And from thence we go back to Lambeth 1998, which the diocesan article passes over in a single sentence. I followed this fairly closely, unfortunately having to rely on the paired opposing weak reeds of Louie Crew and David Virtue, neither of whom could be accused of working from a neutral viewpoint. Lambeth was crucial to the current crisis, because it showed that if the conservatives could throw off the direction of their Anglo-American handlers, they had the numbers to dictate the future of the communion. The conference was therefore marked by a succession of such crises of control, and enlivened by some impressive displays of arrogance on both sides. Perhaps the most telling of these, for the present controversy, were the "chicken dinner" remarks. I don't for a minute think that the Africans and Asians needed to be bribed to vote against the Americans, and those who made these accusations in pbulic revealed a blistering condescension and contempt for third world bishops. The whole notion was conspicuously delusional.

Which brings us back to the present. Against the accusations which the article makes about AAC et al. external management of Dromontane runs the principle long observed about Anglican communion councils: "The Africans pray, the Americans pay, and the British write the resolutions." But recently the British resolution writing has not been that congenial to the American establishment, and none more so than in the person of Rowan Williams. There was great expectation at his appointment, on all sides, that as a card-carrying liberal he would be a mouthpiece and would marshall the communion in favor of liberal causes. This was met with dismay on one side and triumph on the other, but what very few foresaw (and if I may be immodest, I say it earlier than most did) was that Williams would foreswear advocacy of any position on the crucial matters, and would act strictly as a custodian of the expressed will of the communion. So when Dromontane came around, the conservatives were prepared, and liberals, as at Lambeth, lost the initiative.

And so we're faced with the following situation: two gay and one lesbian candidates for the Bishop of California, and a standing threat by the majority of the communion to excommunicate us if one of them is consecrated. And somehow, it is wrong for the conservatives to resist this-- not because of the moral argument, but because of some notion of fair play.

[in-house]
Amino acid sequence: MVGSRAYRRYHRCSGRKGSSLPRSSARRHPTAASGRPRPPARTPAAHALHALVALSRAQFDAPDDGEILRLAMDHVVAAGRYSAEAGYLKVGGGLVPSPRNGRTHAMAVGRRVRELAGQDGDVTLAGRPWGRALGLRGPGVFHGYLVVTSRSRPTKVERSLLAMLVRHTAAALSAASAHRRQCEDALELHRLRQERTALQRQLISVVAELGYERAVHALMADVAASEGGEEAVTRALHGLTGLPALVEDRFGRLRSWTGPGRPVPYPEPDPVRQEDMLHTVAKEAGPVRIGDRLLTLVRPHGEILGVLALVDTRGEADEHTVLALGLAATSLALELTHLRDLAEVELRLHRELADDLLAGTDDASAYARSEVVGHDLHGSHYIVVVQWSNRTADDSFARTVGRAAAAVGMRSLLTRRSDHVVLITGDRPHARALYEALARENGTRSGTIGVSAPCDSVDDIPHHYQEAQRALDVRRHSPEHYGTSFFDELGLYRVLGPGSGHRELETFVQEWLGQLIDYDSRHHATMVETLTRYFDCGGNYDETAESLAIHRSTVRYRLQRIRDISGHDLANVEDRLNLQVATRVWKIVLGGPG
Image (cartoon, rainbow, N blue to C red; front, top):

Those who've been paying attention will notice I've not mentioned the author of the expose. I've avoided doing so to point out something: this is not the advocacy of a private individual. It is the statement of the diocese itself, and thus is itself a poitical maneuver within the field of conflict. It's hard to say what the house of bishops will do, and it seems to me, ironically, that the most craven response would also be the most damaging to the conservative cause. If Chane and the other vanguard bishops get their way and get a gay or lesbian candidate with the necessary consents, they will end up in control of ECUSA as a whole, and probably almost all of the dioceses should they be hard-nosed about it. The reason is obvious: retaining power over the national church means retaining power over the dioceses, and retaining power over the dioceses means being able to impose their doctrines on the parishes. For again, we are back to the church as a locus of power, and a power which is presently delivered into the hands of the vanguard. And it's a power which draws its funds from many not entirely willing sources.

My parents are presbyterians, and my father was at one point clerk of the session at their church. It's sort of like being senior warden, except that the session delegates the housekeeping functions to the deacons (who are laypeople) and reserves all of the congregational governance to itself. Well. Over the same period as the parallel ECUSA problems, there has been a repetitive pattern of the national presbyterian church taking liberties with church prestige and influence, and with the reaction of being pulled back into line. Since they have no bishops, accountability is potentially complete. Episcopal accountability, by contrast, is almost nonexistent, and accountability of national church and diocesan offices is very low. So in both ECUSA and PCUSA people find their donations being directed to causes which they find morally (and often theologically) objectionable.

It's not hard, therefore, to deconstruct the whole thing in a different direction. I tend to suspect that a major part of the outrage which Ahmanson's funding is supposed to provoke finds its origin in the realization that the conservatives now have a source of support which the liberals cannot co-opt to their own ends.

A Right-Wing Conspiracy, Of Course

So, here we have Fr. Jake and his cheering section talking about Daniel J. Webster's review in The Witness of Hard Ball on Holy Ground by Stephen Swecker. The thesis in all of this? Let's go to Webster: